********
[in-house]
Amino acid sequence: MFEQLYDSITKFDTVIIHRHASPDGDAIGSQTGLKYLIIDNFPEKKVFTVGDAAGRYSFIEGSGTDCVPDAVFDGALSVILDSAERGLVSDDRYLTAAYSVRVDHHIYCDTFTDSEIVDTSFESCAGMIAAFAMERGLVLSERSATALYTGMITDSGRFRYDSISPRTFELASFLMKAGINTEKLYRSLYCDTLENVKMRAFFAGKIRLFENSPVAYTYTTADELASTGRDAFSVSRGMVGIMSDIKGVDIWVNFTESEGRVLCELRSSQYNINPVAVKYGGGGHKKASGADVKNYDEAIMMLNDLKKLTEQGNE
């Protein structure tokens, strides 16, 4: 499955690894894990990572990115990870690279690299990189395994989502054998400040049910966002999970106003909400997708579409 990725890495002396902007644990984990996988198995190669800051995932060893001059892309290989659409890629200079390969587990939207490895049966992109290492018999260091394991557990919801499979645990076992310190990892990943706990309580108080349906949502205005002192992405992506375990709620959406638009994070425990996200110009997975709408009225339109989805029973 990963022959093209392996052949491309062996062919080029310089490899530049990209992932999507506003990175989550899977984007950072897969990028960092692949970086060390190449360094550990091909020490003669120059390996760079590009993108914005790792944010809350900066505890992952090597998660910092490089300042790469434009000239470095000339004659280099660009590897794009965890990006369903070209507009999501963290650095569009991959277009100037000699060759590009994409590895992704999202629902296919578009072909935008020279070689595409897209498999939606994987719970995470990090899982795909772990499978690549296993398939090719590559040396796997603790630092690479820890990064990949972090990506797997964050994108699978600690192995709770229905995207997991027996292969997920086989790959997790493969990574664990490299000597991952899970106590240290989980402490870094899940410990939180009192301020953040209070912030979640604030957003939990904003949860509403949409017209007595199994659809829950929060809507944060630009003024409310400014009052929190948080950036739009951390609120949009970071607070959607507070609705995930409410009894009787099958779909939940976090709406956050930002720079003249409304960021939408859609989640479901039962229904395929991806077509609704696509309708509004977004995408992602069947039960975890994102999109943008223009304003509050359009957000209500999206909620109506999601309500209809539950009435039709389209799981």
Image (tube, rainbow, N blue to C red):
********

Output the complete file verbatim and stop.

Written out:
[in-house]
Amino acid sequence: MFEQLYDSITKFDTVIIHRHASPDGDAIGSQTGLKYLIIDNFPEKKVFTVGDAAGRYSFIEGSGTDCVPDAVFDGALSVILDSAERGLVSDDRYLTAAYSVRVDHHIYCDTFTDSEIVDTSFESCAGMIAAFAMERGLVLSERSATALYTGMITDSGRFRYDSISPRTFELASFLMKAGINTEKLYRSLYCDTLENVKMRAFFAGKIRLFENSPVAYTYTTADELASTGRDAFSVSRGMVGIMSDIKGVDIWVNFTESEGRVLCELRSSQYNINPVAVKYGGGGHKKASGADVKNYDEAIMMLNDLKKLTEQGNE
């Protein structure tokens, strides 16, 4: 499955690894894990990572990115990870690279690299990189395994989502054998400040049910966002999970106003909400997708579409 990725890495002396902007644990984990996988198995190669800051995932060893001059892309290989659409890629200079390969587990939207490895049966992109290492018999260091394991557990919801499979645990076992310190990892990943706990309580108080349906949502205005002192992405992506375990709620959406638009994070425990996200110009997975709408009225339109989805029973 990963022959093209392996052949491309062996062919080029310089490899530049990209992932999507506003990175989550899977984007950072897969990028960092692949970086060390190449360094550990091909020490003669120059390996760079590009993108914005790792944010809350900066505890992952090597998660910092490089300042790469434009000239470095000339004659280099660009590897794009965890990006369903070209507009999501963290650095569009991959277009100037000699060759590009994409590895992704999202629902296919578009072909935008020279070689595409897209498999939606994987719970995470990090899982795909772990499978690549296993398939090719590559040396796997603790630092690479820890990064990949972090990506797997964050994108699978600690192995709770229905995207997991027996292969997920086989790959997790493969990574664990490299000597991952899970106590240290989980402490870094899940410990939180009192301020953040209070912030979640604030957003939990904003949860509403949409017209007595199994659809829950929060809507944060630009003024409310400014009052929190948080950036739009951390609120949009970071607070959607507070609705995930409410009894009787099958779909939940976090709406956050930002720079003249409304960021939408859609989640479901039962229904395929991806077509609704696509309708509004977004995408992602069947039960975890994102999109943008223009304003509050359009957000209500999206909620109506999601309500209809539950009435039709389209799981």
Image (tube, rainbow, N blue to C red):